Qiang folk songs rely on polyphonic singing to illuminate history, legends and stories. Zewang Renqing and Geluo Zhaxi, who learned to sing with their parents while farming, will be joined by their wives to re-create the song-and-dance repertoires associated with local parties.
Qiang songs are passed along through an oral tradition rather than written down and generally features a near-soprano singer and another lower, bass singer. In the wake of Sichuan’s massive 2008 earthquake, retaining and strengthening these ancient traditions has become difficult, but these artists are engaged in helping to reverse the tide.
Learn more about Qiang polyphonic singing at the Artist Talk on July 13 at 2pm.
Saturday, July 12, 2014
9:00PM – 9:45PM
235 Queens Quay West
The Qiang people live mostly in valleys in western Sichuan Province, which was severely damaged by an earthquake in 2008, thereby threatening the continuity of Qiang culture.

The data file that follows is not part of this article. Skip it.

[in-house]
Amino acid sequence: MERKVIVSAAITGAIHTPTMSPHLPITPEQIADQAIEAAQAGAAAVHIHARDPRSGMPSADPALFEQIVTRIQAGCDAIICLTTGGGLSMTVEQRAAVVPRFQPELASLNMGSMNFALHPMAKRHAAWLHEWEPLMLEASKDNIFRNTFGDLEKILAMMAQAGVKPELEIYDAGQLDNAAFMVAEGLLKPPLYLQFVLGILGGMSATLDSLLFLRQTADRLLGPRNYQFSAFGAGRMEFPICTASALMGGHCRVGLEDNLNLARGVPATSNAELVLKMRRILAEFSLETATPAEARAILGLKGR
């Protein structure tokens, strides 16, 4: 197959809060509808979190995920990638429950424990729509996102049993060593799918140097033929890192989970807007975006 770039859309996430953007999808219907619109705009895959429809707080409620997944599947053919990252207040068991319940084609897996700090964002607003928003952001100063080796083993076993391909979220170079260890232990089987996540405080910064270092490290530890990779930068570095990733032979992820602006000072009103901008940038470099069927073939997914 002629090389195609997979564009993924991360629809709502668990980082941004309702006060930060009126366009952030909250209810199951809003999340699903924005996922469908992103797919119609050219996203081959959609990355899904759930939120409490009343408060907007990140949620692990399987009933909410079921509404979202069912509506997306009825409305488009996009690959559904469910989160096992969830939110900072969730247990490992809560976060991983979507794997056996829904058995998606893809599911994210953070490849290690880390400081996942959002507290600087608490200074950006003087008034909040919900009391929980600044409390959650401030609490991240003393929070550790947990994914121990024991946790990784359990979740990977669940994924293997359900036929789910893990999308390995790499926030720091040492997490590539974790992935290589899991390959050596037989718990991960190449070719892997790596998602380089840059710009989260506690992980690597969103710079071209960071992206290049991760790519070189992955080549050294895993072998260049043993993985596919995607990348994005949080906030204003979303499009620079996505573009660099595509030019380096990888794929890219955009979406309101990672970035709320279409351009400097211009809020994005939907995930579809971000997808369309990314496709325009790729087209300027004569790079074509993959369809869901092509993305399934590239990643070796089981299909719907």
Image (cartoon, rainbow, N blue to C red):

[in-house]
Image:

Zewang Renqing 泽旺仁青, Geluo Zhaxi 格洛扎西
Zewang Renqing and Geluo Zhaxi are brothers who learned Qiang polyphonic singing while herding cattle with their parents. Today there are relatively few who can still sing these ancient songs, which document the history of the Qiang people. In 2006, Zewang and Geluo won the bronze prize at the CCTV National Youth Singers’ Competition and have since toured not only nationally but also internationally. For the Folklife Festival, the brothers are joined by their wives Shi Maomao 石昴毛 and Lin Macuo 林玛磋 to re-create the atmosphere of local wine parties with songs and dances.